Raises the question, how can sustainable development be achieved and what are the limiting constraints in achieving it? Focuses on key conceptual issues of “sustainable development” with important operational implications for its attainment but is not designed to generate a general theory of sustainability. Uses the definition put forward by Peace and Warford, which defines sustainable development as “development that secures increases in the welfare of the current generation provided that welfare in the future does not decrease”. Using this definition, considers four important sub‐objectives of sustainable development, namely: equity and social justice issues, ecological issues, economic issues (maximizing service to a given stock of resources) and environmental issues (minimizing throughput to maintain a given level of stock). Using this framework, considers the conditions necessary for sustainable development, namely: maintaining a minimum population, reducing poverty, optimal depletion of non‐renewable resources, optimal depletion of renewable but exhaustible resources, preventing environmental degradation and improving energy efficiency. Also emphasizes the need to change the current measurement of growth which fails to account for sustainability principles.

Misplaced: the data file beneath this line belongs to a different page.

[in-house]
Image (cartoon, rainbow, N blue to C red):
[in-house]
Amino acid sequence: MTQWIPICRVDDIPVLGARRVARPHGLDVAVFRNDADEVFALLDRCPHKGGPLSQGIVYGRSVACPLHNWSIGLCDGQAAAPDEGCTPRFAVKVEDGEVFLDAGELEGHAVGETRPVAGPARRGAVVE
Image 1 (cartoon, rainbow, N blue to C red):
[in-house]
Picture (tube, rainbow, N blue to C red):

Sathiendrakumar, R. (1996), "Sustainable development: passing fad or potential reality?", International Journal of Social Economics, Vol. 23 No. 4/5/6, pp. 151-163. https://doi.org/10.1108/03068299610121778Download as .RIS
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